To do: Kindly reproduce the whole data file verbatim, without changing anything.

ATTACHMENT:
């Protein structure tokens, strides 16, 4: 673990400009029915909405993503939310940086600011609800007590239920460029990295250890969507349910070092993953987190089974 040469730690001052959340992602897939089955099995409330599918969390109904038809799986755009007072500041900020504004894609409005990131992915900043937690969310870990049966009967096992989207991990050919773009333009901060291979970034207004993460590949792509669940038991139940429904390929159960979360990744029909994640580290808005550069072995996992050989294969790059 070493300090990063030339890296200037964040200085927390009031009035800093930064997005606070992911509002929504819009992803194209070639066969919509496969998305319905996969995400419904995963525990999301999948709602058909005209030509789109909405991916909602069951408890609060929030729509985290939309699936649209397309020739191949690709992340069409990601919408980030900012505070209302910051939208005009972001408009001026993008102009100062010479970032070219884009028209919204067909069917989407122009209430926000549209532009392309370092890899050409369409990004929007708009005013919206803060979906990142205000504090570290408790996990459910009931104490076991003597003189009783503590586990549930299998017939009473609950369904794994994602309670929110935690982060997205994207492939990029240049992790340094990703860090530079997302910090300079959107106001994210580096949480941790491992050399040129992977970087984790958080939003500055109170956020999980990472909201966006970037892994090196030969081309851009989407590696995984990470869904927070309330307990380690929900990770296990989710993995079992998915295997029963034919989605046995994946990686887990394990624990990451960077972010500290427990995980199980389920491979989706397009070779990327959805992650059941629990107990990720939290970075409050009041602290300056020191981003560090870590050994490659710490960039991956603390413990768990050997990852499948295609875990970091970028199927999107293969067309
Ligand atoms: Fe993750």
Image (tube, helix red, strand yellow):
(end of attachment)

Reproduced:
């Protein structure tokens, strides 16, 4: 673990400009029915909405993503939310940086600011609800007590239920460029990295250890969507349910070092993953987190089974 040469730690001052959340992602897939089955099995409330599918969390109904038809799986755009007072500041900020504004894609409005990131992915900043937690969310870990049966009967096992989207991990050919773009333009901060291979970034207004993460590949792509669940038991139940429904390929159960979360990744029909994640580290808005550069072995996992050989294969790059 070493300090990063030339890296200037964040200085927390009031009035800093930064997005606070992911509002929504819009992803194209070639066969919509496969998305319905996969995400419904995963525990999301999948709602058909005209030509789109909405991916909602069951408890609060929030729509985290939309699936649209397309020739191949690709992340069409990601919408980030900012505070209302910051939208005009972001408009001026993008102009100062010479970032070219884009028209919204067909069917989407122009209430926000549209532009392309370092890899050409369409990004929007708009005013919206803060979906990142205000504090570290408790996990459910009931104490076991003597003189009783503590586990549930299998017939009473609950369904794994994602309670929110935690982060997205994207492939990029240049992790340094990703860090530079997302910090300079959107106001994210580096949480941790491992050399040129992977970087984790958080939003500055109170956020999980990472909201966006970037892994090196030969081309851009989407590696995984990470869904927070309330307990380690929900990770296990989710993995079992998915295997029963034919989605046995994946990686887990394990624990990451960077972010500290427990995980199980389920491979989706397009070779990327959805992650059941629990107990990720939290970075409050009041602290300056020191981003560090870590050994490659710490960039991956603390413990768990050997990852499948295609875990970091970028199927999107293969067309
Ligand atoms: Fe993750």
Image (tube, helix red, strand yellow):